YouTube announced Thursday it will no longer place ads on channels with less than 10,000 lifetime views.
“This new threshold gives us enough information to determine the validity of a channel,” YouTube said. “It also allows us to confirm if a channel is following our community guidelines and advertiser policies. By keeping the threshold to 10k views, we also ensure that there will be minimal impact on our aspiring creators.”
YouTube also confirmed it would institute a review policy to work alongside its 10,000-view rule for channels. Channels who apply to have ads run on their videos will now have their content actively reviewed by YouTube. Users whose content isn’t in violation of YouTube’s terms of service will then be allowed into YouTube’s Partner Program and have ads served to their videos.
The move comes as YouTube works to tamp down on the controversy over ads from high-profile partners being shown on YouTube videos with objectionable content. In late March, companies including Wal-Mart, McDonald's and Pepsi pulled their ads from YouTube after they appeared on videos that included content like racist language and hate speech.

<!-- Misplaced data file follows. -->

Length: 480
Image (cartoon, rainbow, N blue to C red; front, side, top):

Advertising and pre-roll videos have been a central part of YouTube’s growth as a company and among its users, as high-profile channel owners have been able to pull full-time income from YouTube ads. In the past, much of YouTube’s ad placement was also automated and done algorithmically, making Google’s more hands-on approach a change in direction.
At the moment, the major ad pulls aren’t a serious revenue hit for YouTube. The Associated Press reported analysts expect a drop of only around two percent in revenue for parent company Alphabet. However, the continuing controversy over the ad pulls is still a public black eye for YouTube and Google and the companies likely hope the new approval policy solves these issues.